Welcome to the Thrillerfest V Blog!

We hope you'll bookmark us, just as you bookmark so many of the hundreds of the International Thriller Writers that participate in our annual conference, held in New York City in July.

ITW is a youthful organization, always ready for a new way of looking at things. You'll find that dynamism here, in blog posts from authors, agents, editors and Thrillerfest attendees, past and present.

And that same excitement you feel from your favorite reads is evident in everything ITW does, and no wonder--the organization, staffing and publicity for ThrillerFest--including this new blog--is undertaken by volunteers, most of whom are ITW authors themselves.

So pull up a chair and stay awhile ... discover the latest news on what Thrillerfest V--the fifth anniversary of the conference--has to offer. Visit old friends, make new ones, ask questions, and hear about the remarkable things in store for the conference.

Whether or not you can come see us in New York--and we hope that you can!--please join us here. It's gonna be ... a thriller!

Kelli Stanley, Thrillerfest Publicity Committee Chair

Thrillerfest Publicity Committee:
Jeannie Holmes
CJ Lyons
Carla Buckley
Grant McKenzie

Thursday, May 21, 2009

TWF seeks PWM

Thriller Writing Female seeks Published Writer Mentor.

For this match, Craigslist simply won’t do. ThrillerFest 2009 is the pickup joint for me!

Fear not, fellow writers. I’m happily married and emotionally stable, not a predatory cougar on the prowl. But I do have an unmet relationship need. I’m an aspiring author—an unpublished novelist—and I could really benefit from a friendship with a more experienced writer. The Internet and bookstores are loaded with wonderful information about the business and craft of writing, and I’ve made good use of this material. But just as textbooks will never replace good teachers in the classroom, no amount of study can replace the role of a good mentor in a new career.

Thus one of my goals for ThrillerFest is to make connections with published writers who will give me the kind of advice that only a mentor can. A year and a half ago when I attended my first writers’ conference in San Francisco, I had the single-minded agenda of an eager beginner: get an agent. That was my only goal, but at the conference I learned so much that I was not only content to leave without an agent, I ditched most of my manuscript and started a massive rewrite.

Since then my writing, and my perspective, have changed. I still want to sell my book—so meeting an agent is important—but I’m thinking beyond that first book to my career as a whole. A published writer mentor may be the greatest asset I could have.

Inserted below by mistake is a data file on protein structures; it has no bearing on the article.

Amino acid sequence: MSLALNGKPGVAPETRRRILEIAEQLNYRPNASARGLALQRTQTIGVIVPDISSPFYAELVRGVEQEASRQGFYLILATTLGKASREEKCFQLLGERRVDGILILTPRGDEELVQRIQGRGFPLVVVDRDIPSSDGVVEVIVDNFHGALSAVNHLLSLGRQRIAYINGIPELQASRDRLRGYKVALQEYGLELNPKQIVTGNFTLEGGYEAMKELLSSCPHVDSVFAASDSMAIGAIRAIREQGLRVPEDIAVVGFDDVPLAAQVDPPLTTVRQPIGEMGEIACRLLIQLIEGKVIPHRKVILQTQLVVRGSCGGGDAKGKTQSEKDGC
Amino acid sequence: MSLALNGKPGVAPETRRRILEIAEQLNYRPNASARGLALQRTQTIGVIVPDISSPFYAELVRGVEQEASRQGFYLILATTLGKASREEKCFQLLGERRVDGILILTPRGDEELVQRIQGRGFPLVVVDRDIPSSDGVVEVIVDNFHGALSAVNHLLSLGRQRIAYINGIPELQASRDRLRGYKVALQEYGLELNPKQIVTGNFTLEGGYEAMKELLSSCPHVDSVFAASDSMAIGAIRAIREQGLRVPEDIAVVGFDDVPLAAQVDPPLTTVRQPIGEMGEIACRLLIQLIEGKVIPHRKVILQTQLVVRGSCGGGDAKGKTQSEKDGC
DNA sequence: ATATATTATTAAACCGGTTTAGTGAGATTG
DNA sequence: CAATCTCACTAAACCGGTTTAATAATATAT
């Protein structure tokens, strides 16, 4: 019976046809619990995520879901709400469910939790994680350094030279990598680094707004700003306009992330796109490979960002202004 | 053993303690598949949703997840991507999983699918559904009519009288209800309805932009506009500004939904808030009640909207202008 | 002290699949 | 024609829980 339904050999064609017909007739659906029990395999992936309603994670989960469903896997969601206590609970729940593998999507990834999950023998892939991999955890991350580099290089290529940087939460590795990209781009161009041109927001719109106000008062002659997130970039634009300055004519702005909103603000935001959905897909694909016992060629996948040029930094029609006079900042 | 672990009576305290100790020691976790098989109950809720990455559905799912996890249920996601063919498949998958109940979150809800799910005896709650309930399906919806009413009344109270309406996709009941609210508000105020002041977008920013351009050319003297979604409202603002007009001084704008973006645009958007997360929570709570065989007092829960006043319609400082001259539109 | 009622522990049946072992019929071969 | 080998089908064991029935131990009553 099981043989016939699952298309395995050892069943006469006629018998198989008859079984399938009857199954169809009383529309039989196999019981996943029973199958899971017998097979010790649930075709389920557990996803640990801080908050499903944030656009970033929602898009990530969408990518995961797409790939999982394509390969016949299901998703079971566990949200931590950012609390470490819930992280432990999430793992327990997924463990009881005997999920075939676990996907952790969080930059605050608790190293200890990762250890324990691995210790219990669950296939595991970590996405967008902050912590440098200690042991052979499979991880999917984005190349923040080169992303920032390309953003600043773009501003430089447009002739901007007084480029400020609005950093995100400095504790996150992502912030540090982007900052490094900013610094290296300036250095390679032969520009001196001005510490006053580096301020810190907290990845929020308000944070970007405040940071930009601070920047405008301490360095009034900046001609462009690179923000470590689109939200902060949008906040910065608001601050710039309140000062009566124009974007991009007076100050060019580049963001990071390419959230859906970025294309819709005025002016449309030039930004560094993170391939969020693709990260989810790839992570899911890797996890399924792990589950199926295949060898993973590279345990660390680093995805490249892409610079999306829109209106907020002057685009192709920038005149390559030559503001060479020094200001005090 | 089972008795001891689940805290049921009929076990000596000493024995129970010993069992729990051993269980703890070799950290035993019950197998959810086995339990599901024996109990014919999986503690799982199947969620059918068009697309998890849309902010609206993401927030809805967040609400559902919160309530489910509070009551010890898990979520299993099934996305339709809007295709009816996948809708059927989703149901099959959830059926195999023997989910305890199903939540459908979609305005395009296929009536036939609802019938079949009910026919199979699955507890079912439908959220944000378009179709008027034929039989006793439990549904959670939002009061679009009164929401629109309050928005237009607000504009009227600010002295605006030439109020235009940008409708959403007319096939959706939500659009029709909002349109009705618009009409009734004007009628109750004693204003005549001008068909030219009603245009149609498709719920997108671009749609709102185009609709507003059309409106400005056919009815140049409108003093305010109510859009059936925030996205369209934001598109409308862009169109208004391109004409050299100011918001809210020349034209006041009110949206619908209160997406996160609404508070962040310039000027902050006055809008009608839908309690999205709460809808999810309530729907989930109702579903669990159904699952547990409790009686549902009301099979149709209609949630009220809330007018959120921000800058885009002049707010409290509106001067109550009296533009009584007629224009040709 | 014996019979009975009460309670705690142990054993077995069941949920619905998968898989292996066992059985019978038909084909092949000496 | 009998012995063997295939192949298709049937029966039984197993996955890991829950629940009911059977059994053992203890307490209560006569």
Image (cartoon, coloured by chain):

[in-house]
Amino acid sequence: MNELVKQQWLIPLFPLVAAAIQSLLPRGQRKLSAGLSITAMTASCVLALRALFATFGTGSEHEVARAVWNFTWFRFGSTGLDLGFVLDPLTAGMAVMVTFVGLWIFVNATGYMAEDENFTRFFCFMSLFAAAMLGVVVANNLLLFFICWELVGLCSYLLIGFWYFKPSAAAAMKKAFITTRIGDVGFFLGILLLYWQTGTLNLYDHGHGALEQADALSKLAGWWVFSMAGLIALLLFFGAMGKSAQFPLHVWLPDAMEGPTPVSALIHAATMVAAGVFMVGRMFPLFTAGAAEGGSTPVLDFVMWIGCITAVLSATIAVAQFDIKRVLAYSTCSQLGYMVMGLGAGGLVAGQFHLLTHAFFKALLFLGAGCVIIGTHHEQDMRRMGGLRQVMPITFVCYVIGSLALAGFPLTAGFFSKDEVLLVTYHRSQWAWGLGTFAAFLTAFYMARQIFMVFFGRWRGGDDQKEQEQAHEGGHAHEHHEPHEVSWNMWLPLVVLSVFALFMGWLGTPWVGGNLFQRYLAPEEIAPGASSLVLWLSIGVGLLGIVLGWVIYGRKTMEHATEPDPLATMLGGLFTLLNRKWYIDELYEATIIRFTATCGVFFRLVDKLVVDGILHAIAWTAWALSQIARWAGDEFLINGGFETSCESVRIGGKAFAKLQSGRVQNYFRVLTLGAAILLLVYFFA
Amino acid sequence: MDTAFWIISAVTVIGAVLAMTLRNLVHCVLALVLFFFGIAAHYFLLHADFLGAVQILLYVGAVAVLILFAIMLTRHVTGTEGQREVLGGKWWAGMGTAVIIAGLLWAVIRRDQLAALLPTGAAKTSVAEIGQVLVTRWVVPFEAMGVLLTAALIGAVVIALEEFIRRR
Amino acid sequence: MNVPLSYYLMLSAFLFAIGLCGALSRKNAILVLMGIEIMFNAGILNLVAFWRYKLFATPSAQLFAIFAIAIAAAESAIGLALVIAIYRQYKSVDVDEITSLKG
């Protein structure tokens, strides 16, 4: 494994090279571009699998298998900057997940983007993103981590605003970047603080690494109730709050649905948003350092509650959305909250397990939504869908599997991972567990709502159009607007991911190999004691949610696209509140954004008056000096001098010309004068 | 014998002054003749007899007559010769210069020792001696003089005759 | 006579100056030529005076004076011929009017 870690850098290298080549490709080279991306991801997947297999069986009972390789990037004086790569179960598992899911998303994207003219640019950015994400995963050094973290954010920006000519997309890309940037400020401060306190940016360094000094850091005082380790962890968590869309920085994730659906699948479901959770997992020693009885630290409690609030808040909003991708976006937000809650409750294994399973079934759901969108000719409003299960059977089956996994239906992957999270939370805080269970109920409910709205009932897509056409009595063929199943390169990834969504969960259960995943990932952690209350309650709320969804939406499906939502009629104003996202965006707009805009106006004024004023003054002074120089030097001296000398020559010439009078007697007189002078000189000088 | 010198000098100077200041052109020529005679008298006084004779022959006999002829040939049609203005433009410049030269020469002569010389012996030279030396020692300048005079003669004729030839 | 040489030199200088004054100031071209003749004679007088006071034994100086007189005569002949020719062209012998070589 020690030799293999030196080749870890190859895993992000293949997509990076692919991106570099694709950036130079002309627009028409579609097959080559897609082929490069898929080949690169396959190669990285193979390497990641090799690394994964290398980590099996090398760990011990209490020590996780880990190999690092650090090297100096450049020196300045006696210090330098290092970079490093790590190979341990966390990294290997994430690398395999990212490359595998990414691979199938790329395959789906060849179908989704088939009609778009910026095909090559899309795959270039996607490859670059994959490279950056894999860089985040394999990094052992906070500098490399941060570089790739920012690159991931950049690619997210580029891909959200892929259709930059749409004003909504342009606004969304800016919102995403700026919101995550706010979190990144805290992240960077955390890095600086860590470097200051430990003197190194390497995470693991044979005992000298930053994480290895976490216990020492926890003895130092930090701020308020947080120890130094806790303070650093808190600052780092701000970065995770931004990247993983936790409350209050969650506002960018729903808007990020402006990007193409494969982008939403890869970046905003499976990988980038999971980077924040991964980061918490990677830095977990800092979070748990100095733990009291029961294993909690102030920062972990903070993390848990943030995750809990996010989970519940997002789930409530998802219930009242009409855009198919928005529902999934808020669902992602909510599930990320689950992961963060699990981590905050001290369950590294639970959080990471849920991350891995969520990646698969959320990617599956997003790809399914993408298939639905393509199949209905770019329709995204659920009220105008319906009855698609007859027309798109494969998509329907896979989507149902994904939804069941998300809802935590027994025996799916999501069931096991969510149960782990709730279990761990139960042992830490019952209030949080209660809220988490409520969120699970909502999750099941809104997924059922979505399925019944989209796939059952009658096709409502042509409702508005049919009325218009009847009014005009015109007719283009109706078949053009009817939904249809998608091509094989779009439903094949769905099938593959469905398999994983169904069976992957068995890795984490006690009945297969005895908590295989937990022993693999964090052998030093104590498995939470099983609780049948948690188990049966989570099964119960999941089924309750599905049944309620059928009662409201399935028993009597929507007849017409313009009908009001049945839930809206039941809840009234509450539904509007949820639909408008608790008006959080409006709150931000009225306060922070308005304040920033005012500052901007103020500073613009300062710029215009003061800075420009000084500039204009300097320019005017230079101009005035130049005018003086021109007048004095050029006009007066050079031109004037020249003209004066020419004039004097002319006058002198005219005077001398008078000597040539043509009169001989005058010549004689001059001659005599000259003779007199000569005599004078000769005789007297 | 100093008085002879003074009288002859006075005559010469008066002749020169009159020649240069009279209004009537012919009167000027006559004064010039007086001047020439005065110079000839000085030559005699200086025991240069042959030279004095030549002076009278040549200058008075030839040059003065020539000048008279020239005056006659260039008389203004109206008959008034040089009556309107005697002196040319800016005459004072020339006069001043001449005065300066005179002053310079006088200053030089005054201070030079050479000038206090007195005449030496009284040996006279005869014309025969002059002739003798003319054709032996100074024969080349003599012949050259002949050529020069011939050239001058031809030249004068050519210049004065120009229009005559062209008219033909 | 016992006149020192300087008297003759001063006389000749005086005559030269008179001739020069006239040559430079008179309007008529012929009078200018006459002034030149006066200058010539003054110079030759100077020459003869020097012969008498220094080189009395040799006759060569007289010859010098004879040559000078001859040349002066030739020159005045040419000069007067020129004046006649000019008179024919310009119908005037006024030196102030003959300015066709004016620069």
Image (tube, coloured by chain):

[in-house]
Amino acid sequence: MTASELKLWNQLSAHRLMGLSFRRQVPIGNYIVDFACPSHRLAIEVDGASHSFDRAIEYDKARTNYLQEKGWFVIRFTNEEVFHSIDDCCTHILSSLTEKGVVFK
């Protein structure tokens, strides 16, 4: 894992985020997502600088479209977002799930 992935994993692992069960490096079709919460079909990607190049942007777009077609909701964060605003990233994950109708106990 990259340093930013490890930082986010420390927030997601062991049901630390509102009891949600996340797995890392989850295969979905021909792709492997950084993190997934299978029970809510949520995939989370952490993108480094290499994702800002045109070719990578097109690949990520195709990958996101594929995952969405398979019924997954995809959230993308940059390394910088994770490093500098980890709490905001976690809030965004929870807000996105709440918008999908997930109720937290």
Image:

With that in mind, to prepare for my first ThrillerFest I’m reading as many books as possible. My choices come from a list I made of thriller writers who are currently publishing novels with a scientific or medical angle. I’m trying to read at least one book from each author to get a feel for their style. Then I’ll try to memorize the names and titles to give me instant conversation starters.

In a perfect ThrillerFest, I’d find myself seated at a table next to James Rollins, the bestselling writer who (like me) uses real science in his fantastic stories. We’d share a bottle of wine, and I’d tell him about all the remarkable things we have in common: we both live in Sacramento, we’re both doctors who trained in Missouri, and we both have secret Polish surnames. Given that such an occurrence is about as likely as some of the events in one of his Sigma Force novels, I hope to at least run into him in the hotel lobby or something. My one-second self-pitch still needs a lot of polishing: “Excuse me, Mr. Rollins, would you be my friend?” “It’s a pleasure to meet you, Dr. Czajkowski,” (horribly mangling the pronunciation, of course). “Howdy, Jim, I’m your biggest fan!”

Barring the perfect Rollins Encounter, I’ll take advantage of whatever networking opportunities come my way. My mentor doesn’t have to be famous, just knowledgeable and willing to share. My attitude for the week will match the tourism ads I’ve recently seen for Aruba: ThrillerFest. Hundreds of friends you haven’t met yet.

Dr. Amy Rogers, author of The Han Agent

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